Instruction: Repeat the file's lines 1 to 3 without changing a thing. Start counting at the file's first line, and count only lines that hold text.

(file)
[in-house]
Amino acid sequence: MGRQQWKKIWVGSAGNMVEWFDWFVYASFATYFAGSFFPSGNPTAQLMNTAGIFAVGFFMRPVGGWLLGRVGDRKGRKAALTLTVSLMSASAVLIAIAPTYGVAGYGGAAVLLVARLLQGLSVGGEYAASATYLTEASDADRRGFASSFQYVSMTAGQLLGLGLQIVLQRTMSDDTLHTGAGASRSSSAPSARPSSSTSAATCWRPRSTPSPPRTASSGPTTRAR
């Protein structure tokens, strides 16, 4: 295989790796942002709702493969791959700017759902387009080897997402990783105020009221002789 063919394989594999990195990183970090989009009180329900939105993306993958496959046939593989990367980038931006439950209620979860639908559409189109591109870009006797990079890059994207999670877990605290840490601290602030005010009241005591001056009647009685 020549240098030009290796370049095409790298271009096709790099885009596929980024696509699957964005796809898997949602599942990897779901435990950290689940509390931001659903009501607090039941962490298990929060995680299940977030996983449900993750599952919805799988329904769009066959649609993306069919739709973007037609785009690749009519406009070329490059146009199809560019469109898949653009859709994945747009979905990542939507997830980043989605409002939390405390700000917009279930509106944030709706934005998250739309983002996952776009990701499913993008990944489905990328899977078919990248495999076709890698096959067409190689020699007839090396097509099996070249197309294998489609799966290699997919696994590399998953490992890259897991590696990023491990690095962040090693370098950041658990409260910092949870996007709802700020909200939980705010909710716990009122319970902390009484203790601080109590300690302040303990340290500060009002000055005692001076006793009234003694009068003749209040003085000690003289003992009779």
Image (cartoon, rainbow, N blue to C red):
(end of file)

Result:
[in-house]
Amino acid sequence: MGRQQWKKIWVGSAGNMVEWFDWFVYASFATYFAGSFFPSGNPTAQLMNTAGIFAVGFFMRPVGGWLLGRVGDRKGRKAALTLTVSLMSASAVLIAIAPTYGVAGYGGAAVLLVARLLQGLSVGGEYAASATYLTEASDADRRGFASSFQYVSMTAGQLLGLGLQIVLQRTMSDDTLHTGAGASRSSSAPSARPSSSTSAATCWRPRSTPSPPRTASSGPTTRAR
């Protein structure tokens, strides 16, 4: 295989790796942002709702493969791959700017759902387009080897997402990783105020009221002789 063919394989594999990195990183970090989009009180329900939105993306993958496959046939593989990367980038931006439950209620979860639908559409189109591109870009006797990079890059994207999670877990605290840490601290602030005010009241005591001056009647009685 020549240098030009290796370049095409790298271009096709790099885009596929980024696509699957964005796809898997949602599942990897779901435990950290689940509390931001659903009501607090039941962490298990929060995680299940977030996983449900993750599952919805799988329904769009066959649609993306069919739709973007037609785009690749009519406009070329490059146009199809560019469109898949653009859709994945747009979905990542939507997830980043989605409002939390405390700000917009279930509106944030709706934005998250739309983002996952776009990701499913993008990944489905990328899977078919990248495999076709890698096959067409190689020699007839090396097509099996070249197309294998489609799966290699997919696994590399998953490992890259897991590696990023491990690095962040090693370098950041658990409260910092949870996007709802700020909200939980705010909710716990009122319970902390009484203790601080109590300690302040303990340290500060009002000055005692001076006793009234003694009068003749209040003085000690003289003992009779």